Sermon Starters

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Thomas F. Fischer, M.Div., M.S.A., Editor

The Fourth Sunday In Lent

Option #1: “Misunderstanding Among the Servants
Matthew 20:17-28
Rev. Wayne Dobratz

"What’s in it for me?" The question reeks of those who seek power and glory. You’d think that those who had walked and talked with the Master for years would understand the nature of His Kingdom and what serving in it entails. But today’s text tells us about: A MISUNDERSTANDING AMONG THE SERVANTS.

I. About Jesus’ Kingdom

       A. It is about blood, sweat and tears–John 15:14-16, Matt 16:21, 17:22, 23, 17:22-23; 26:2

       B. It is not about earthly glory–Ps 22:1-31; Isa 53:1-12; Mk 14:64ff

II. About when the glory comes: "We want you to do whatever we want–sit at your right and left in your Kingdom."

       A. Not in this life–Mk 14:36; Lk 12:50; John 18:36; Acts 12:2; Rom 8:17; Col 1:24; John 1:9

       B. But in the life which is to come, as a reward

             1. For faithful service in following Christ’s example–Col 3:1-4; Lk 22:23-25; John 10:15ff; John 13:12-17; Gal 3:13-14

             2. The glory that is promised–Prov 4:18; Dan 12:3; Matt 5:10-12, 10:41; Col 3:23-24; Rev 22:12

The Teacher’s Commentary reminds us: Instead of "exercising authority" as a ruler who demands and enforces conformity, the Christian leader is to abandon coercion. Jesus said firmly and plainly, "Not so with you." Force, manipulation, demand—all are ruled out in the way by which the servant leader exercises Christian authority. Outward force can produce conformity, but it can never produce that inner commitment which moves people to follow Jesus. How, then, does the servant lead? By serving! The secular ruler speaks the commands, but the spiritual leader demonstrates by his example the kingdom way of life into which he is called to lead others. No wonder Peter picked up this same theme and wrote as an elder to fellow elders, "Be shepherds of God’s flock that is under your care...not lording it over those entrusted to you, but being examples to the flock" (1 Peter 5:2-3). By serving, the Christian leader demonstrates the greatness of the love of God, and gently motivates others to follow him. "Whoever wants to be first must be your slave—just as the Son of man did not come to be served, but to serve, and to give His life as a ransom for many" (Matt. 20:27-28).

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Option #2: "Condemnation, No—Confrontation Yes!"
Romans 8:1-10
Rev. Kelly Bedard

A. No Condemnation

       1. Grace misunderstood as only forgiveness and absence of condemnation

       2. Grace is much bigger than just forgiveness; theologically, it is unmerited favor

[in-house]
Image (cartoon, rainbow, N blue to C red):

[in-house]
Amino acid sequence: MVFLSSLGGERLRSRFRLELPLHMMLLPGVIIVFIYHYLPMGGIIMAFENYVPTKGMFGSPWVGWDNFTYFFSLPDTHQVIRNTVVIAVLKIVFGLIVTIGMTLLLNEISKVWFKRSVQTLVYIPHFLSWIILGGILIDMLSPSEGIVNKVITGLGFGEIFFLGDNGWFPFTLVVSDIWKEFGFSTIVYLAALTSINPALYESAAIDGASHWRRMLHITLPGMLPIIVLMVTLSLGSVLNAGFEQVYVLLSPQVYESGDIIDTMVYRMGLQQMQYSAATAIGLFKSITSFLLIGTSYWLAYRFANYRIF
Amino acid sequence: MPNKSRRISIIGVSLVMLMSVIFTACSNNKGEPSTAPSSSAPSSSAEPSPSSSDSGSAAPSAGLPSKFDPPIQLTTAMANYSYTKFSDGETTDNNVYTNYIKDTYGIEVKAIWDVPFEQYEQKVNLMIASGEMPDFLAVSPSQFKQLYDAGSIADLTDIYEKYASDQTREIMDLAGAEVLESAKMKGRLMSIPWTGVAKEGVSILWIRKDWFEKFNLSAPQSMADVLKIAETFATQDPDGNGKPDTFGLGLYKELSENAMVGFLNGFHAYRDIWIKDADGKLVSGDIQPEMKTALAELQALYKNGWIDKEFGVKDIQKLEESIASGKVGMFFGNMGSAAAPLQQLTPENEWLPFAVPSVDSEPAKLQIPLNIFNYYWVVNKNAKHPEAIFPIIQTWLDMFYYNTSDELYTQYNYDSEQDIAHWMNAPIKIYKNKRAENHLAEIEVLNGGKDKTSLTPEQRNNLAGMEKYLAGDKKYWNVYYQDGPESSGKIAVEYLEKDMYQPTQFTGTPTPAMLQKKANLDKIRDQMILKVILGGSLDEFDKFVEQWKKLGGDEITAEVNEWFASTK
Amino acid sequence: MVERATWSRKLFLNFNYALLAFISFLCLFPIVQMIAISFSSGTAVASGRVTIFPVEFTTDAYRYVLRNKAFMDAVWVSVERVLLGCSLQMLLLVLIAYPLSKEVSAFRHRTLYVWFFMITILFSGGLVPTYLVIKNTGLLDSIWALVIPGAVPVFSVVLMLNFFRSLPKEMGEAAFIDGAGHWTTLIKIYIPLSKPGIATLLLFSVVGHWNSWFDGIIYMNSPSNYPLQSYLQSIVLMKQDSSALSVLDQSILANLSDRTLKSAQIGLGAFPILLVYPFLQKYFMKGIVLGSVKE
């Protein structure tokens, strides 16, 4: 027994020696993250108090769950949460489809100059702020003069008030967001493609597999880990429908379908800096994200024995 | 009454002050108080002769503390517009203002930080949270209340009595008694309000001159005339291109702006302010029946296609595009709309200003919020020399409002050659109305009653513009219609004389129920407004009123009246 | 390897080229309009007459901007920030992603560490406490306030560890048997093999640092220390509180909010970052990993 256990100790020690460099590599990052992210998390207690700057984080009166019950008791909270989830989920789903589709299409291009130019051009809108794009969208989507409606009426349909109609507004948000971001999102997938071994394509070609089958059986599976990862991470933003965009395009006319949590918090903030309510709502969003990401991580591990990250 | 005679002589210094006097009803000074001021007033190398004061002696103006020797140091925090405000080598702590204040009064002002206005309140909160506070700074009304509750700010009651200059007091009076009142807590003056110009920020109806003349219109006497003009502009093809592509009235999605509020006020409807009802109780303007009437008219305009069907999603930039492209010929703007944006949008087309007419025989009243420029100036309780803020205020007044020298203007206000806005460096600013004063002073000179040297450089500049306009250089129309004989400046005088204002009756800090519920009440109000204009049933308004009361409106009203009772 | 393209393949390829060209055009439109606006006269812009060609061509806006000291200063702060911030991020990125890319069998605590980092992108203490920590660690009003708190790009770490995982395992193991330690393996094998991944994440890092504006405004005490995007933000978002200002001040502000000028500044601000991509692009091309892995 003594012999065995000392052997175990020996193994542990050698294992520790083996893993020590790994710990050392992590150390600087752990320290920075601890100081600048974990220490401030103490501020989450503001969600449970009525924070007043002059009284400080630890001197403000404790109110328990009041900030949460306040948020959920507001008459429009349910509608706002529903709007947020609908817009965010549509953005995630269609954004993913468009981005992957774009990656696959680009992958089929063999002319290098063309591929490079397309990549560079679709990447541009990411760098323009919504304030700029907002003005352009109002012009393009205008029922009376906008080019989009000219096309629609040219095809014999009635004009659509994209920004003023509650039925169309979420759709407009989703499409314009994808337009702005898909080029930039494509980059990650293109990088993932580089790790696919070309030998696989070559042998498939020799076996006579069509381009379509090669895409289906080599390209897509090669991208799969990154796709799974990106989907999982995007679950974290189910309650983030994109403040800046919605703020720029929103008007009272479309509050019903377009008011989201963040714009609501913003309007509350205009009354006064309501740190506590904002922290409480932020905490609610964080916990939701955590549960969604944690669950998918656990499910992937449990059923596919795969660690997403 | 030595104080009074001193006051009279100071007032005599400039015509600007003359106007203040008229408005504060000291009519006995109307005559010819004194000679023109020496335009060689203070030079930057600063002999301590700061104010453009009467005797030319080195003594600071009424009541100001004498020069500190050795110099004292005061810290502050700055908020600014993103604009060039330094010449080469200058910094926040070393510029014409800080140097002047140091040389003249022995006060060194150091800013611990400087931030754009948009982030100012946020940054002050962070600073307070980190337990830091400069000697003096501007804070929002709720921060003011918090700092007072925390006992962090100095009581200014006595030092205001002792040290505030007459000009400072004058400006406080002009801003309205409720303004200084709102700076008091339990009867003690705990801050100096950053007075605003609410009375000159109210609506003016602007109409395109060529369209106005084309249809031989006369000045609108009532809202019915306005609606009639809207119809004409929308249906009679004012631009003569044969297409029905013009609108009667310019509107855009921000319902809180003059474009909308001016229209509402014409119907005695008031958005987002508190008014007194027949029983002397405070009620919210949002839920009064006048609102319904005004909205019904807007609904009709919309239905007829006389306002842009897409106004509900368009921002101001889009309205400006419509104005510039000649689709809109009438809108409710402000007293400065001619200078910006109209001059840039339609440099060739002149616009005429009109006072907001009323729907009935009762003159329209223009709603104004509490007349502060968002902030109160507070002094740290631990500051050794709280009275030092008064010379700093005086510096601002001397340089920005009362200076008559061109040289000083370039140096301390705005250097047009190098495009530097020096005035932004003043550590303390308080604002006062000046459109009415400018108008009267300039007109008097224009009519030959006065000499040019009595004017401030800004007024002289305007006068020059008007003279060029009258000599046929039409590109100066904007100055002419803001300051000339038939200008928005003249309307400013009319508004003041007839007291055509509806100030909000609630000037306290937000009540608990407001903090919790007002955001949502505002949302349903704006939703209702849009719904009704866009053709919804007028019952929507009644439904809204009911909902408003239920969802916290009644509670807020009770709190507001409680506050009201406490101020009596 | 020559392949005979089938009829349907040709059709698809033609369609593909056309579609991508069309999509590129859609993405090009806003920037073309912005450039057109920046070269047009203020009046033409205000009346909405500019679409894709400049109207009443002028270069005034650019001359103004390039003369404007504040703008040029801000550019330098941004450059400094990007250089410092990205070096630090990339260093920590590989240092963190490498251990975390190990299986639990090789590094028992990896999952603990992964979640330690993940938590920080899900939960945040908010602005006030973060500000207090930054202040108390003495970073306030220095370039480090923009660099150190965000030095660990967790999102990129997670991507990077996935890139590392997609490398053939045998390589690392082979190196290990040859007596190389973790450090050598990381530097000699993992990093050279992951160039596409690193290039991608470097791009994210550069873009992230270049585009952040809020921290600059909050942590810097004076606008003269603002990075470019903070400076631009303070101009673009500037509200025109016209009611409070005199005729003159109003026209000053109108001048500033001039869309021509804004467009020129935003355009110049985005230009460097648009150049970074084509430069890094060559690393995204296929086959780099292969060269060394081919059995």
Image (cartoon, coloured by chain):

a. God is for us and not against us. He is on our side and desires good for us and not evil.

             b. His favor cannot be earned and, even if it could be, we do not have the means with which to earn it. We cannot merit it. Therefore he will freely give us things we cannot provide for ourselves.

B. "Yes" Confrontation

       1. Confrontation as a way to help people know their need, to get someone to see his/her inability to change and to see his/her need for help

       2. Reality consequences and discipline

             a. Too often in the church we protect people from the harsh realities of logical consequences that would force them to see their need for grace and what it can provide. Either we feel sorry for them and bail them out or we fear them and kowtow to them.

             b. Sometimes our "helping" may keep people from experiencing the tough realities that will ultimately lead them to the grace they need.

(This outline is taken from How People Grow: What the Bible Reveals about Personal Growth
by Drs. Henry Cloud and John Townsend, Zondervan, 2001)


1. "I think I get it. The ministry I used to go to was into winning, and you guys are into losing!" (John, a therapy patient)

2. "To encourage a powerless person to try harder is one of the worst things you could possibly do." (Cloud & Townsend)

3. katakrima (v1): damnatory sentence, condemnation

4. eleutheroo (v2): make free, deliver; set at liberty: from the dominion of sin

5. "The great danger faced by the church today is not that of 'secular humanism' but that of 'religious humanism'—seeking to serve God and to please Him in the power of our own flesh, rather than 'according to His Spirit'." (Robert Deffinbaugh)

6. There once was a girl who was the daughter of one of the royal families of Europe. She had a big, bulbous nose that destroyed her beauty in the eyes of others—and especially in her own eyes. She grew up with this terrible image of herself as an ugly person. So her family hired a plastic surgeon to change the contour of her nose. He did his work, and there came the moment when they took the bandages off and the girl could see what happened. When the doctor removed the bandages, he saw that the operation had been a total success. All the ugly contours were gone. Her nose was different. When the incisions healed and the redness disappeared, she would be a beautiful girl. He held a mirror up for the girl to see. But, so deeply embedded was this girl's ugly image of herself that when she saw herself in the mirror, she couldn't see any change. She broke into tears and cried out, "Oh, I knew it wouldn't work!" The doctor labored with that girl for six months before she would finally accept the fact that she was indeed different. But the moment she accepted the fact that she really was different, her whole behavior began to change. (Hal Lindsey)

7. "A debtor to mercy alone, of covenant mercy I sing; nor fear with Thy righteousness on, my person and offerings to bring: the terrors of law and of God with me can have nothing to do; my Saviour's obedience and blood Hide all my transgressions from view." (George Spurgeon)

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